Can I speak to someone now?
Corona: how contagious is speaking?
Invisible transmission: Even talking to each other can be enough to transmit the SARS-CoV-2 coronavirus. An experiment has now revealed how many potentially virus-carrying micro-droplets are formed when speaking and how long they remain in suspension. According to this, we generate around 2,600 droplets per second of speaking and these float around in the air for an average of eight minutes. Around 1,000 droplets per minute could contain viruses.
One factor that makes the corona pandemic so difficult to contain is the easy transferability of the virus: A person infected with SARS-CoV-2 does not only become contagious when the symptoms start, but rather a few days before that. And asymptomatic cases can also transmit the pathogen - without coughing or sneezing. For this reason, keeping your distance is considered one of the most important measures against the spread of the virus.
A cloud of slowly sinking droplets
But how big is the risk of getting infected while talking? It is known that when a person speaks, he expels many tiny droplets of liquid. But how long these droplets stay in the air and how much virus they can contain is only partially known. Studies show that these droplets dry out relatively quickly and lose 20 to 34 percent in size as a result. As a result, however, they now sink more slowly to the ground.
"In an environment with stagnant air, the nuclei of these droplets remain as a slowly sinking cloud that emerges from the speaker's mouth like a cloud," explains Valentyn Stadnytskyi from the US National Institutes of Health in Bethesda and his colleagues. "The rate at which this cloud sinks depends on the diameter of the dehydrated speech droplets."
2,600 droplets per second
To find out how many droplets are created when speaking and how long they stay in the air, Stadnytskyi and his team have used laser scattering to help. To do this, they generated a thin, vertical light field from a green laser beam in a special test chamber. If droplets get into the laser light, they scatter it and can thus be observed as bright dots. For the tests, a test person repeated the phrase “Stay Healthy” for 25 seconds by opening the chamber. The temperature in the test room was 23 degrees and 27 percent humidity.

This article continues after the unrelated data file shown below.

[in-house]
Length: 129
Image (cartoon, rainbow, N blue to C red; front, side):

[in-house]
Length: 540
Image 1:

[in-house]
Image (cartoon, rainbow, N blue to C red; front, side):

The result: video recordings revealed that around 66,000 small droplets passed the light field in each test run. “That corresponds to around 2,600 such micro-droplets per second of speaking,” report the researchers. From the behavior of the droplets, they conclude that they were twelve to 21 micrometers in size when they were ejected. That corresponds to a fluid volume of 60 to 320 nanoliters per 25 seconds of speaking, according to Stadnytskyi and his team.
Suspended for eight minutes - at least
But how long do these droplets stay in the air? The laser scattering showed that the droplets sank at just 0.06 centimeters per second. You therefore needed around eight minutes to cover a distance of around 30 centimeters. The researchers conclude that the speech droplets dried up very quickly after leaving the mouth and shrunk to around four micrometers in diameter.
This means that even a short speech creates a cloud of droplets that remain in suspension for more than eight minutes - and could therefore be inhaled by people standing nearby. "If we assume an average viral load of seven million virions (individual virus particles) per milliliter, then one minute of loud speaking generates at least 1,000 virion-containing microdroplets that remain in the air for more than eight minutes," the researchers report.
Confirmation for keeping your distance?
According to the researchers, this confirms that normal speech can also transmit SARS-CoV-2 if you get too close. "The study underlines the need for social distancing and illustrates the potential of the virus to spread in narrow spaces such as offices or factories," said Lawrence Young, researcher from the University of Warwick, who was not involved in the study. "It also explains the transmission of SARS-CoV-2 by indicated people without symptoms."
However, both Young and Stadnytskyi and his team emphasize that their results do not reveal how infectious the viruses contained in the speech droplets still are. "We need more research to understand the viability of SARS-CoV-2 in aerosol droplets and how it depends on viral load and droplet size," says Young. (Proceedings of the National Academy of Sciences (PNAS), 2020; doi: 10.1073 / pnas.2006874117)
Source: PNAS, Science Media Center UKMay 15, 2020
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